Here are the most breathtaking images from the James Webb Space Telescope

It’s time to feast your eyes on the wonders of Webb.

A long 25 years have passed, along with $10 billion between when the James Webb Space Telescope was first devised and it finally launched on December 25, 2021, atop a European Ariane 5 rocket.

Now in orbit of the second Lagrange point (L2) beyond the moon, it’s nearly completed preparing for science missions that will change the shape of astronomy, astrophysics, and many other fields for keeps.

But we’ve had a taste of this future in the past several weeks — with test images sent back from Webb. And although they’re only tests, each one hints at the unprecedented power of the successor to the Hubble Space Telescope.

But memento: the real show is yet to come.

Every point of light behind the star is an ancient galaxy. Source: NASA/STScI

1. James Webb Space Telescope alignment image of 2MASS J17554042+6551277

At the end of a procedure called “fine phasing”, the James Webb Space Telescope’s (JWST’s) primary mirror — which is comprised of 18 hexagonal segments — was moved into focus by directing the telescope at a singular star, 2MASS J17554042+6551277, with few others in its vicinity, on March 11, 2022. This was called the alignment image. However, by combining the 18 distinct images, the resolution accuracy was brought to an astounding 50 nanometers. And this is only a fraction of the wavelengths Webb will capture when it really starts.

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“While we have only seen a few test images from Webb so far, my favorite is probably the alignment image,” said Klaus Pontoppidan, a project scientist at the Space Telescope Science Institute (STScI) located in Baltimore, Maryland, in an emailed statement to IE. “This single star shows that the telescope is nearly perfectly in focus, a ground-breaking engineering accomplishment.”

Webb NIRCam Selfie
A “selfie” of Webb’s mirrors taken by NIRCam. Source: ESA Webb Telescope/Twitter

Most people only see the star in the middle — which is admittedly pretty. But the real beauty is the unconscionable abundance of ancient galaxies in the background. “[W]e also see a stunning field of distant galaxies; in this brief snapshot, Webb already reached across the Universe, providing a glimpse of the science to come,” added Pontoppidan, to IE.

And, it turns out, this kind of cosmic detail will happen naturally the longer Webb takes snapping an image. “In a very real sense, when Webb spends more than 20 minutes taking an image it will show this background of galaxies, rivaling or surpassing the famous Hubble Deep Field,” said Pontoppidan.

Webb Mosaic
A “trick image” of HD 84406 in Ursa Major, split into 18 different stars. Source: NASA

2. Webb’s image of an 18-star mosaic

Back in February of 2022, the JWST released an incredible smattering of 18 stars spread throughout a black background. But the image is a trick: All of the bright stars above are actually one, and it’s located in the constellation Ursa Major — also called HD 84406. It only appears to be many because Webb’s mirror segments had yet to complete alignment.

This ostensible cosmic chaos happened because the telescope’s unaligned mirror segments would reflect light back into the telescope’s instruments. “We have aligned and focused the telescope on a star, and the performance is beating specifications,” said Deputy Optical Telescope Element Manager for Webb, Ritva Keski-Kuha, in a NASA blog post.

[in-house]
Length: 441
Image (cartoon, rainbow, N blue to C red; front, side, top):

“More than 20 years ago, the JWST team set out to build the most powerful telescope that anyone has ever put in space and they came up with an optical design to meet the science goals,” said Thomas Zurbuchen, an associate administrator for NASA’s Science Mission Directorate, in the same blog post.

Webb Spitzer
Juxtaposed images from Spitzer (left) and Webb (right), showing off the latter’s superior resolution. Source: NASA/JPL-Caltech (left), NASA/ESA/CSA/STScI (right)

3. James Webb Telescope’s image of the Large Magellanic Cloud

A more recent image of Webb’s came on May 9: an incredible view of the Large Magellanic Cloud — which is a satellite galaxy near the Milky Way, and captured by the coldest instrument aboard the telescope: the Mid-Infrared Instrument (MIRI). It zoomed in on a star field within the satellite galaxy, and tested the James Webb Space Telescope’s imaging capability.

The image was juxtaposed to another, older one from the Spitzer Space Telescope (now retired), and it served to emphasize the high-resolution power of Webb’s near- and mid-infrared potential. “Webb, with its significantly larger primary mirror and improved detectors, will allow us to see the infrared sky with improved clarity, enabling even more discoveries,” read a different blog post from NASA.

And all this is just the beginning. Sometime this summer, it’ll finally begin real science missions — with the possibility of providing us with the first “true” image of atmospheres on alien worlds beyond our solar system. Webb will also examine moving objects within our own solar system, providing highly advanced tracking and imaging system to scientists whose specialty hones in on objects closer to Earth. It’ll even help reveal the evolution of ancient and supermassive black holes (the list is long). One thing’s for certain: once Webb begins its science missions in earnest, updates and new images will increase in frequency. And with each release moving through the media world in waves, the world will enjoy a new kind of astronomy, accelerating to unprecedented speeds in discovery and scientific impact. And we’re alive to see it.

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